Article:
Water levels on Italy’s Lake Garda drop to 15-year low as drought continues

Local tourism promoters insisted on Tuesday that summer activities can still go ahead on Italy's northern lakes, despite receding waters.

Water levels on Italy's Lake Garda drop to 15-year low as drought continues
The peninsula of Sirmione on Lake Garda as the waters recede due to severe drought on August 16th, 2022 . Photo by MIGUEL MEDINA / AFP

The pedalos lie far from the water’s edge and the flat stone slabs around the Sirmione peninsula are exposed on Garda, Italy’s largest lake, which is is suffering like many others from months without rain.

The low water level was causing concern among visitors this week at Garda, a major tourist destination nestled among mountains in the north of the country, but local authorities stressed that tourist activities were not affected.

READ ALSO: Historic drought resurfaces World War II bomb in Italy’s River Po

“We are currently at 30 centimetres (12 inches) above the (benchmark) hydrographic level,” compared to an average for this time of year of between 80 and 100, said Gianluca Ginepro, head of Garda Unico, which promotes the lake.

It is the lowest since 2007, when levels dropped to 9.9 cm, according to official data.

“It’s a situation to keep an eye on, even if from the point of view of using the lake – like wind surfing, sailing – there is no problem,” Ginepro told AFP.

People walk on the rocks of the peninsula of Sirmione on Lake Garda, as waters recede due to severe drought. Photo by MIGUEL MEDINA / AFP

Tourism was holding up well, he said, although operators of trips across the lake had switched from hydrofoils to catamarans.

READ ALSO: Hosepipe bans and pools: your questions answered on Italy’s drought restrictions

He said however that “the possibility of providing water for agriculture has dropped”.

Farmers have been hit hard by a lack of water, particularly in the River Po, which stretches across northern Italy and is suffering its worst drought for 70 years.

The issue goes beyond Italy, with land across Europe parched by a lack of rainfall and sweltering temperatures, driven by climate change.

Several other European countries, as well as reporting record temperatures during recent heatwaves, have also reported low levels of water in rivers amid drought.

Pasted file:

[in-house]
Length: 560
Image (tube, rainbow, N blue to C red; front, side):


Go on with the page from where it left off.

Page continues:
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Italian climate activists throw flour over Andy Warhol car

Italian environmental group Ultima Generazione on Friday poured flour over a sports car painted by Andy Warhol on display in Milan, in the latest of a wave of protests demanding action on climate change.

Italian climate activists throw flour over Andy Warhol car

Protesters entered the Fabbrica del Vapore exhibition space in Milan at around 11am on Friday morning and threw eight kilos of flour over a BMW sports car painted by the late Andy Warhol back in 1979. 

Two members of the environmental group Ultima Generazione (‘Last Generation’) then proceeded to glue their hands to the car’s windows. 

At the time of writing it wasn’t clear whether the artwork, valued at 10 million euros, had suffered any significant damage.

“They told us beauty will save the world, but that’s bullshit,” Ultima Generazione sad in a statement released immediately afterwards.

“Only immediate and radical actions to tackle the effects of the current climate crisis will change the world as we know it.”

Activists from Italy’s Ultima Generazione after their latest protest in Milan on Friday, November 18th. Photo: Ultima Generazione.

In the same statement, the group referred to the Italian government’s handling of the environmental crisis as “criminal”, accusing people in power of “endangering people’s lives”.

Friday’s episode was only the latest in a series of demonstrations seeking to jolt public opinion over the consequences of climate change and the need to make the switch to renewable energy sources.

READ ALSO: Climate activists hurl pea soup at Van Gogh painting in Rome

Only two weeks ago, on November 4th, protesters from the same group hurled pea soup at a Van Gogh painting in Rome – an action which Italy’s new culture minister, Gennaro Sangiuliano, later condemned as “ignoble”. 

Ultima Generazione began in 2021 as a “campaign of nonviolent civil disobedience” aimed at uniting Italian activists concerned about climate change and the future of the planet.

The group has two main demands. Firstly, they ask that the reopening of old coal power plants be paused immediately and that all scheduled fracking operations be cancelled. 

Secondly, they want an increase in the use of solar energy and wind power equivalent to at least 20 gigawatts. 

Ultima Generazione is part of a EU-wide network of climate activists who have been recently targeting world-famous artworks, including Vermeer’s “Girl with a Pearl Earring” in The Hague, Netherlands and Gustav Klimt’s “Death and Life” in Vienna.